There is no doubt that consumers benefit from today’s unprecedented rapid technological innovation in mobile and web. But, there are costs that business incur as a result.
Here’s an overview of some of the costs that you should take into account when building budgets as well as mobile and web strategies. Some have argued that the trend of B.Y.O.D., or Bring Your Own Device, has mitigated some costs to corporations and organizations. That may be true, but after reading this you will probably agree that the costs listed below reach beyond the cost of the actual device. These are all things you have to take into account to stay competitive in today’s hard charging environment.
Hardware turnover. The advantage here goes to iOS devices. Android devices can become obsolete within six months because cell providers are allowed to provide phones and tablets with customized versions of the Android OS. They essentially lock you into a forced hardware upgrade because you’ll only get one or two minor OS upgrades per device. Your company will have to balance that software it can run on various device operating system versions. Whereas iOS devices, on the other hand, get access to the latest updates. Also, like the traditional PC upgrade path, with mobile devices you may have to upgrade to gain access to greater memory or CPU capabilities.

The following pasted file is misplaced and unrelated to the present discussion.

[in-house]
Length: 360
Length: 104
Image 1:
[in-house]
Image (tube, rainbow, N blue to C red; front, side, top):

Code updates. You’ll spend a significant amount of time keeping up with the latest capabilities. It takes time to learn how best to adapt to the latest coding patterns, UI design patterns, and technological advancements.
Reverse compatibility. Some business have a requirement to maintain their code on older versions of browsers and operating systems. The further back you have to support OS versions the larger the support costs. The larger the gap between the latest versions of SDKs, APIs, devices and browsers and legacy versions the greater the cost.
Security. It can be very challenging to secure smartphones and tablets from physical intrusions and viruses. These breaches can give criminals access to your internal systems. Tracking down security leaks and fixing breaches can be very expensive and time consuming.
Replacement devices. You’ll need to decide whether or not to carry insurance on each device, or take the chance that a device will never get dropped, broken or stolen. Replacement costs are extremely expensive if you have no warranty and no option from the cellular carrier to get a subsidized upgrade.
Poor connectivity. This may seem like an odd cost to list, but poor connectivity can cripple the productivity of a remote workforce. The more reliant an organization becomes on internet connections, especially for real-time systems, the greater the cost that can be incurred when users encounter connectivity problems. Poor connectivity means slow, intermittent or a non-existent internet connection.
Cellular data costs. Another byproduct of being increasingly mobile is dealing with how your architecture handles data transactions between clients and servers. Chatty applications, or applications that move a lot of data back and forth, and heavy web pages, or web pages that are physically large when loaded into a browser, can result in significant internet and cellular data charges. For example, if your application is 3 MBs and it is accessed 1000 times per day by your workforce, that adds up to 3 GBs of data usage per day.